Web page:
It is basically a museum dedicated to the life of native author John Steinbeck and it also showcases life in the Monterey Bay & Salinas Valley in the early-mid 20th Century.
Year round, active programs take place in the Center. Through archive displays, art and history exhibitions, lectures, repertory film series, and special programs for schools, the Center draws people into explore the rich history of the Salinas Valley and Steinbeck Country.
The Steinbeck Center presents the life of Steinbeck, his writings, his characters, and Steinbeck Country in an informative, educational and entertaining manner. Different nationalities play an important role in the Steinbeck Center because the author himself saw the Mexican, Chinese, Italian, Portuguese and other ethnic groups as dignified people and important contributors to the community (East of Eden, Tortilla Flat, Forgotten Village, Cannery Row, etc.).
Utilizing diorama, innovative exhibits, changing displays and other media, the wonder and beauty of Steinbeck's creativity is dramatized so that everyone can enjoy and appreciate the author, his works and his environment. You can even see the original truck, Rocinante, that John Steinbeck drove while writing Travels with Charley.
Main Street Salinas has about 10 blocks of well kept commercial activity, focusing upon restaurants, internet cafe's, banking, boutique shops of all sorts, high-end massage salons, and theaters. There are three active theaters-- the Maya Theater brings current Hollywood films, The Childrens Theater focuses upon live entertainment for Children, and the old Fox Theater has Spanish language productions. There's another theater downtown with a fine marquee sign that is closed. Downtown has wide sidewalks, well maintained planter boxes, and antique street lamps. Traffic is very courteous to pedestrians. Most of the architecture dates to the early 20th century, although a few notable examples date into the late 19th century.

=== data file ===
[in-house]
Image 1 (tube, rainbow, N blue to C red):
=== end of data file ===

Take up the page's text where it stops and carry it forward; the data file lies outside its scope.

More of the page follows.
The well endowed and modern museum not only has personal artifacts and original manuscripts from the author, but also helps explain the magnificent agricultural phenomenon about which Steinbeck wrote. Mexican-American authors and other artists are hosted by the museum as well. The museum is open daily from 10am to 5pm. See website for ticketing and other details.
The National Steinbeck Center does a great job at painting an engaging and thorough picture of "Steinbeck Country" - California's Salinas Valley. Through diaramas, video exhibits, and extensive use of quotes from his works, the Center really gives the visitor a feel for the influences that shaped Steinbeck's writing, and for life in this fertile region.
As with any museum devoted to a single author's works, familiarity with Steinbeck's books will make the Center much more interesting. The Center focuses more on his works specifically dealing with farming and agriculture in the Salinas Valley (i.e. Grapes of Wrath, Tortilla Flat, etc.), but all of his works are represented at least a little. There's a pretty cool exhibit on life in Monterey during the time "Cannery Row" was written, lots of stuff about "East of Eden" and its star, James Dean (the site where Dean was killed in a car accident is not too far from here), and a good retrospective of his second career as a war journalist.